« What’s that noise comin’ up from the cellar? It’s the restless bones of Boris and Bela* »
It’s a cinch that William Henry Pratt, back when he was eking out a living in Canada, digging ditches or driving a truck, never suspected that his name, his stage name that is, would still elicit shivers of recognition long after his passing. Here we are, a whole hundred and thirty years past his birth, in Camberwell, South London, on Wednesday, November 23, 1887.
From his ascent to stardom in the early 1930s until his passing in 1969, he certainly lived to see his likeness appear in a bewildering array of toys and games and bedsheets and mugs and a zillion knicknacks and gewgaws, a parade that continues to this day. But he was likely never represented more consistently and abundantly than he was in comic books.
Here’s a gallery of cover highlights from Gold Key Comics’ long-running Boris Karloff Tales of Mystery (95 issues, 1962-80).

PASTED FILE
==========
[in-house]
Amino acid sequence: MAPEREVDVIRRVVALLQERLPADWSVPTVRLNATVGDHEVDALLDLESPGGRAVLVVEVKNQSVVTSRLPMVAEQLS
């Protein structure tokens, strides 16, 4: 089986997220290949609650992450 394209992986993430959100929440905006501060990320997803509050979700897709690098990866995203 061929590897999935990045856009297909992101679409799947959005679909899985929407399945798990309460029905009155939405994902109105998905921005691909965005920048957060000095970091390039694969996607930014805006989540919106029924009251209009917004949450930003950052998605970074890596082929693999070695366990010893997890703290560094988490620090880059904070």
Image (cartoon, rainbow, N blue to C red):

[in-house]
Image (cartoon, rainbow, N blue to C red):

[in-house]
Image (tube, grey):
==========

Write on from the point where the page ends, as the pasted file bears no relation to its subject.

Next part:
« These computer cards are wonderful… almost as if they were alive! They tell me everything! » Boris Karloff Tales of Mystery no. 62 (July 1973). Luis Angel Dominguez‘s painted cover depicts a scene from (presumably) Arnold Drake‘s witty It’s in the Cards.
Let’s reserve our closing words for the man (monster) himself: « Certainly I was typed. But what is typing? It is a trademark, a means by which the public recognizes you. Actors work all their lives to achieve that. I got mine with just one picture. It was a blessing. »